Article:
Martian moon Phobos shows signs of impending destruction

It seems that our red neighbor just can't catch a cosmic break. After losing most of its atmosphere and almost all of its water thanks to bombardment from the sun, Mars is now likely to lose one of its moons in a few million years. Phobos, the moon that orbits closest to Mars, is showing external signs that it might be on its way out and could fall apart in 30 to 50 million years. This time, however, it might be Mars itself that will be partly to blame.

Phobos, named after the Greek god of fear and son of war god Ares, orbits only 3,700 miles or 6,000 kilometers from its planet. In our solar system, that's the closest proximity of any moon. We are already familiar with how our own planet and moon's tug of gravitational war causes tidal waves. That is the same game of physics between Mars and Phobos but on a greater scale because of their distance. Scientists have posited that Phobos gets closer to Mars by 6.6 feet or 2 meters every hundred or so years.

But collision with Mars isn't exactly the end game for Phobos. Structural failure and breaking apart is actually the more inevitable scenario. That is because of what scientists now believe to be the composition of Phobos' innards. The most recent models lead them to believe that Phobos' insides are nothing more than a pile of rubble being held together, barely, by a powdery regolith region about 330 feet or 100 meters in thickness. In short, it's like a "mildly cohesive outer fabric" that is barely keeping Phobos's interior rocks together.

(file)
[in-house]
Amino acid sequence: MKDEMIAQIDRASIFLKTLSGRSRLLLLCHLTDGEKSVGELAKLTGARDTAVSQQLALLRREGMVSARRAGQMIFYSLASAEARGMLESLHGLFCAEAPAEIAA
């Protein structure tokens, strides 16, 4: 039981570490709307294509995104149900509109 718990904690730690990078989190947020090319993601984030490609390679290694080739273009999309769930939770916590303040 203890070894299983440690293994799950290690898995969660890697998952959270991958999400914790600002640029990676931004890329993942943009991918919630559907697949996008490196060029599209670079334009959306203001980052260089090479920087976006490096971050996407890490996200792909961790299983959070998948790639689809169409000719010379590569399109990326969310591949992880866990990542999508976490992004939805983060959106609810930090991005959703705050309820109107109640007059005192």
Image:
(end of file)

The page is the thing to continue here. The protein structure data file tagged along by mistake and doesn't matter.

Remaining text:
The stress that Mars' pull is putting on Phobos is manifested in shallow grooves across the surface of its moon, appropriately being called as stretch marks. Previously, these marks were thought to have been fractures caused by a forceful impact that also produced the Stickney crater, the large dimple you can see on the right side of the photo above. But scientists have discovered that some of those grooves are younger than the others, hinting that their cause is an ongoing phenomenon rather than something in the very distant past.

Phobos, fortunately or unfortunately, isn't going to be alone in this fate. Triton, Neptune's moon, coincidentally also named after a son of the sea god, might also end up the same way, as scientists theorize that it is also falling inward due to signs of the same stretch marks. These phenomena are being used as models of what may happen to a planet, any planet, perhaps even our own, that will have the luck to start falling into its host star.